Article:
The Abiding Fruit of St Dominic
Solemnity of St Dominic | Fr Robert Verrrill reflects on St Dominic as “ivory of chastity” and asks that the Church is renewed in fidelity to Christ in the living out of this virtue.
Every night at the end of Compline, I pray the O Lumen:
O light of the Church, teacher of truth, rose of patience, ivory of chastity, you have freely poured out the waters of wisdom: preacher of grace, unite us to the blessed.
This prayer concludes with the response:
V. Pray for us, holy father Dominic.
R. That we may be made worthy of the promises of Christ.
In reciting this prayer, I am reminded that I am a son of St. Dominic. Around the world, thousands of friars, sisters, nuns and lay Dominicans call St. Dominic their holy father, and after 800 years, St. Dominic still continues to bear fruit.
Now the shining example of St. Dominic’s fecundity is not something we should simply admire, but it is also something we need to imitate in a way that is appropriate to our state of life. Indeed, all Christians are called to be fruitful. Sadly, however, many in the Church have deeply failed in this regard. It is very sad that there are many examples of those in Holy Orders who have abandoned their resolve to remain celibate for the sake of the kingdom. How many Catholics have become disillusioned with their faith because of such behavior? How many vocations to the priesthood and religious life have been lost? Sexual infidelity is definitely not compatible with Christian fruitfulness.
It is in moments like this, when we struggle with the sin and infidelity that afflicts our Church and society, that we need to turn to the saints such as St. Dominic who exemplified true Christian fruitfulness. Throughout the Bible, fruitfulness is an expression of God’s favor. The very first thing God did after creating Adam and Eve was to bless them and say “be fruitful and multiply.” Likewise, God says to Abraham “I will indeed bless you, and I will multiply your descendants as the stars of heaven.” But these promises of fruitfulness have their true fulfillment in Christ’s incarnation.
On many occasions, Jesus expresses the desire for His disciples to bear fruit. This fruitfulness is manifested in the sacramental life of the Church. Indeed, at the Last Supper, Jesus describes Himself as the true vine; He goes on to tell His disciples “I chose you and appointed you that you should go and bear fruit and that your fruit should abide.” These sayings from St. John’s Gospel account of the Last Supper express the true meaning of the Eucharist. It is in the Eucharist that Christ’s death on the cross is made present, and when we look to the cross, we are to make sense of it in terms of its fruitfulness. Indeed, in the moments before Christ died, with His mother and the beloved disciple standing before Him, He said to His mother “Woman, behold your son,” and to His beloved disciple “Behold your mother.” Thus, the Virgin Mary who brought Christ to birth in the Incarnation now brings Christ to birth in the beloved disciple and all who see her as their mother. This is indeed the fruit that will abide for eternity.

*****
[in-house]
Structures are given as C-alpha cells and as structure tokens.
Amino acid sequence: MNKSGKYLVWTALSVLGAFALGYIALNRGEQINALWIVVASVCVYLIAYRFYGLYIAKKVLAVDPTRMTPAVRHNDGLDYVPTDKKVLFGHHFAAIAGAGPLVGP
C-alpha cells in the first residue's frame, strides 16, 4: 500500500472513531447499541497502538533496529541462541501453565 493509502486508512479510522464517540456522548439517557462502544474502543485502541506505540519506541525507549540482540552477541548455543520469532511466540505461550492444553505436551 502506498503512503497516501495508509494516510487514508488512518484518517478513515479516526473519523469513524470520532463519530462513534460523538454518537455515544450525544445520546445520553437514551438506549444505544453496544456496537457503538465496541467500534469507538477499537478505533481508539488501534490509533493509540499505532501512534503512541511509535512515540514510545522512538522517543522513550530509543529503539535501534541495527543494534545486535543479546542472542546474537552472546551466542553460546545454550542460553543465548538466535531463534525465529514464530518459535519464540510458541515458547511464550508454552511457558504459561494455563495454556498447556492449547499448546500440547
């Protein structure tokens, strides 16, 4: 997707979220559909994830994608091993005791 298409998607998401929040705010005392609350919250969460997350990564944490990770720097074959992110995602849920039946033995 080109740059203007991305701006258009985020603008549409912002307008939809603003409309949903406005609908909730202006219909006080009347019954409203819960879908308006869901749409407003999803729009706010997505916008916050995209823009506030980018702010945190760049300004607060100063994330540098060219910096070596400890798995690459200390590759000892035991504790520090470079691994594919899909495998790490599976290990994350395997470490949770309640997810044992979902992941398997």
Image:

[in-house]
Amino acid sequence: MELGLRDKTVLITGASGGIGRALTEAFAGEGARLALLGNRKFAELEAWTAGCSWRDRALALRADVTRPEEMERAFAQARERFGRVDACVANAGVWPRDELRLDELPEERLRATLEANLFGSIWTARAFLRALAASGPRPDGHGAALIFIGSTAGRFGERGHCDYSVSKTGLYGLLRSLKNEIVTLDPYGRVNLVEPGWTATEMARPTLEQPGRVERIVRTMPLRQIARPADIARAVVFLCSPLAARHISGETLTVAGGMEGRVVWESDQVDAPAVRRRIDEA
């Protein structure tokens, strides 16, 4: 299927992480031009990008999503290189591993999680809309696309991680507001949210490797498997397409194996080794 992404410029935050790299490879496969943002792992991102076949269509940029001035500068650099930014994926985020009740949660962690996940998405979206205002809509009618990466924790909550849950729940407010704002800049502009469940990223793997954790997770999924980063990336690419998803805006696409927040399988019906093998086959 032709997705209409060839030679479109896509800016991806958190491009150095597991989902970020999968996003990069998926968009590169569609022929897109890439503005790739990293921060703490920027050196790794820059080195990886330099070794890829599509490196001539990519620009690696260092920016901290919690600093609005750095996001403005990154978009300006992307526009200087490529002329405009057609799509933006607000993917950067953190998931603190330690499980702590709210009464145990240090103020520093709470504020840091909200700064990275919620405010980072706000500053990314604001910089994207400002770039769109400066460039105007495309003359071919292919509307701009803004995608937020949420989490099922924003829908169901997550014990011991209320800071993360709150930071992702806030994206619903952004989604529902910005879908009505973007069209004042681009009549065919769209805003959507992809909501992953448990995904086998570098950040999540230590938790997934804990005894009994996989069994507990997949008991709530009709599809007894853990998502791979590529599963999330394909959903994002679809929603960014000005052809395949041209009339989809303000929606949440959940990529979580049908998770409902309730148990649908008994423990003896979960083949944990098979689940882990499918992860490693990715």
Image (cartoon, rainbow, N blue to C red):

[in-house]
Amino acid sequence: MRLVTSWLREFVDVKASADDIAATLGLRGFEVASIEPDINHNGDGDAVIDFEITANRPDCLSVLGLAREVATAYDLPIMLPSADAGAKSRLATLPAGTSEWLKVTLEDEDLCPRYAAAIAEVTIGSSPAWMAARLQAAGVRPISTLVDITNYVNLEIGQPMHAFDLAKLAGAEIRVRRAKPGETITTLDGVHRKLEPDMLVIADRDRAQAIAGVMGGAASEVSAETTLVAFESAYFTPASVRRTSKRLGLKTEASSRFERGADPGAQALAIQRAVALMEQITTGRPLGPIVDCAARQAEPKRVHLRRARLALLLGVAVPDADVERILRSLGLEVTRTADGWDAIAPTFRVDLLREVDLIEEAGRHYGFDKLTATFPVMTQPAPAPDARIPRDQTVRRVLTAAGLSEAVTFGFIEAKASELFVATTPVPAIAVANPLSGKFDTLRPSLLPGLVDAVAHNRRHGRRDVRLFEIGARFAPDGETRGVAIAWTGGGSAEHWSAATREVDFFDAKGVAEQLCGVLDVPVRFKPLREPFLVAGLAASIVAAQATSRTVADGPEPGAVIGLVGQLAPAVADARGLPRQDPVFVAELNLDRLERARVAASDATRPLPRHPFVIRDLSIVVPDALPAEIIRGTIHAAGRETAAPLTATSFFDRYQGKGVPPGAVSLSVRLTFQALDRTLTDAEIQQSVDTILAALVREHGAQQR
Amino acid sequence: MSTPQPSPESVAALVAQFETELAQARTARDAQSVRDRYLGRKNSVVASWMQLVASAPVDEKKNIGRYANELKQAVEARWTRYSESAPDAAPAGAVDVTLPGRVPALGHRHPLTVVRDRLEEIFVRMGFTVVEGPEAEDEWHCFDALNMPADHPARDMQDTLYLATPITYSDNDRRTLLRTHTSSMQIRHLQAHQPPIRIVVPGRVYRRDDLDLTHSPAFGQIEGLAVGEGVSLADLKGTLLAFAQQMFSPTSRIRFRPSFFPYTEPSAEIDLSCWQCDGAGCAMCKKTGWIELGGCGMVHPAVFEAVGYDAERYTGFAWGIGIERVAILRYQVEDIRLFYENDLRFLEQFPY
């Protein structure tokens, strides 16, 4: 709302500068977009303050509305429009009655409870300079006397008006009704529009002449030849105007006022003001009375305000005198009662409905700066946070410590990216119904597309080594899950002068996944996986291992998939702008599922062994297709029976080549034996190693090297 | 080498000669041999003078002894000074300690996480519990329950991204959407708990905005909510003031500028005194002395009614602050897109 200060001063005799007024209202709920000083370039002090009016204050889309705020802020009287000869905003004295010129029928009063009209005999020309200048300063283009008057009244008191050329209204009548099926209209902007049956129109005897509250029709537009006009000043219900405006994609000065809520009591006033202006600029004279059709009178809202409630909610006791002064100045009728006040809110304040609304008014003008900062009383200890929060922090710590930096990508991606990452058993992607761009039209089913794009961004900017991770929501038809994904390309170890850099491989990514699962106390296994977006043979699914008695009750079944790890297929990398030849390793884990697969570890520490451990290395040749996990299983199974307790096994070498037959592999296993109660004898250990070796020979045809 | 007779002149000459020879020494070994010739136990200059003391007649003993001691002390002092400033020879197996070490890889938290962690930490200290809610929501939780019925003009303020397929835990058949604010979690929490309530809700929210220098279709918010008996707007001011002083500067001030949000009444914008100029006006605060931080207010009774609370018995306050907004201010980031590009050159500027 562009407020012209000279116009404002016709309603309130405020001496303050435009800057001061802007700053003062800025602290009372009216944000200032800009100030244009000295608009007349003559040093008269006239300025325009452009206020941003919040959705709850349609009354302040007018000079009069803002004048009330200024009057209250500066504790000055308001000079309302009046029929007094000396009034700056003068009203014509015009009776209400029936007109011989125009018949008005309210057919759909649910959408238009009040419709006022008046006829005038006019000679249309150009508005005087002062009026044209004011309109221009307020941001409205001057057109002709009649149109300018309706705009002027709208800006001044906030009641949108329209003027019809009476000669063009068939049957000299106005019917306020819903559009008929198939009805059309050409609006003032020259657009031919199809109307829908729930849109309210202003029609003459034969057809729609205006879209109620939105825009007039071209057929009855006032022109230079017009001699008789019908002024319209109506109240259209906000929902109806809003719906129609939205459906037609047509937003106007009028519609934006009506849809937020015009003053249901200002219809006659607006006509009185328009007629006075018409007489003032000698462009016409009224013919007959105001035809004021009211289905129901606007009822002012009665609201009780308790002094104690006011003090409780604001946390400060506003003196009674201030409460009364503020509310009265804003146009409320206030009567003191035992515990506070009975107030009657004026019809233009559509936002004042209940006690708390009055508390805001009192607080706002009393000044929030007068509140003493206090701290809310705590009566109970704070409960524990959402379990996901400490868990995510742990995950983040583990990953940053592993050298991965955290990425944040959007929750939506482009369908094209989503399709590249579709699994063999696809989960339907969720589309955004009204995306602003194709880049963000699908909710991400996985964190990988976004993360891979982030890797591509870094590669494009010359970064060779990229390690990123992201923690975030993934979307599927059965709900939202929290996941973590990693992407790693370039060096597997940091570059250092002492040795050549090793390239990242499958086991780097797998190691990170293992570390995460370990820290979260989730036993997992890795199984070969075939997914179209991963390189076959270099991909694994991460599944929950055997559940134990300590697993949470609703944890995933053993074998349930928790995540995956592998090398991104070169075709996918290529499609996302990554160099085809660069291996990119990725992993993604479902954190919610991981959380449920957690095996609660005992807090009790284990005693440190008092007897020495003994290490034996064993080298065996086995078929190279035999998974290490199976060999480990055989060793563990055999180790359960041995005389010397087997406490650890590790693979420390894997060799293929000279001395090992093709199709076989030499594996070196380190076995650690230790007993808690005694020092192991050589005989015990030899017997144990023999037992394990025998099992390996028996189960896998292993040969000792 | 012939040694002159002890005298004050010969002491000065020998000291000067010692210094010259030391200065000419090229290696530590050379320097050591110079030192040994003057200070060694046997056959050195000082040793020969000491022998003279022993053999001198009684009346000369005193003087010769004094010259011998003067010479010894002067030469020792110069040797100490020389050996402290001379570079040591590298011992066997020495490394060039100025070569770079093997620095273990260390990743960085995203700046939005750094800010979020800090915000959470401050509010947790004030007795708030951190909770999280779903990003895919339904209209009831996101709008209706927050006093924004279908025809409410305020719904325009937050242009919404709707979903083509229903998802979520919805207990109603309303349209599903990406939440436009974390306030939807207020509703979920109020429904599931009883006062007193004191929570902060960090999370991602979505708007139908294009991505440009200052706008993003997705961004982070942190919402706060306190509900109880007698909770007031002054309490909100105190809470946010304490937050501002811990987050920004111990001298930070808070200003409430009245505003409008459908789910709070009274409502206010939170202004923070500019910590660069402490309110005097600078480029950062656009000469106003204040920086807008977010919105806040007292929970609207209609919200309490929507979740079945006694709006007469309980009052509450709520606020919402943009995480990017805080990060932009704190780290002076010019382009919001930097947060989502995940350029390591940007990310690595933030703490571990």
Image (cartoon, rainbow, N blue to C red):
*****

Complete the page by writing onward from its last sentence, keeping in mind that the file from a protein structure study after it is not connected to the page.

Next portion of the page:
Those who are called to live celibate lives have a very special role to play in perpetuating the Virgin Mary’s fruitfulness, and the saints like St. Dominic who lived perfectly chaste lives have had an essential role in revitalizing the Church during times of stagnation. Those called to the sacrament of married life also have an essential role to play in sustaining the life of the Church. Married couples are fruitful in a very tangible way by having children, but if couples are to bear the fruit that abides for eternity, they need to actively engage in bringing Christ to birth in the world by educating their children in the Catholic Faith. If married couples are to undertake this role in true fidelity, then they should certainly not be conspiring to make their marital acts intrinsically fruitless. The Church therefore only endorses natural family planning in which the marital act is always open to new life. Natural family planning not only teaches husbands to treat their wives with true respect, but the periods of sexual abstinence required for natural family planning can also be seen as ways of mirroring the fruitfulness of the saints who lived celibate lives.
In the 50 years since the Church’s teaching on birth control was reiterated in the encyclical Humanae Vitae, it has unfortunately gone largely unheeded. It is no coincidence that over these last 50 years, so many parents have failed to pass on their faith to their children. Only when our priests and bishops have the courage to teach the contents of Humanae Vitae and live by what they teach, can we hope to see any revitalization in the Church. May St. Dominic, ivory of chastity, renew us in our zeal to bear the fruit that truly abides.
Readings: Jeremiah 31:1-7 | Matthew 15:21-28
Photograph by Fr Lawrence Lew OP of the Genealogical and Spiritual Tree of St Dominic from Santo Domingo church in La Laguna, Tenerife (detail).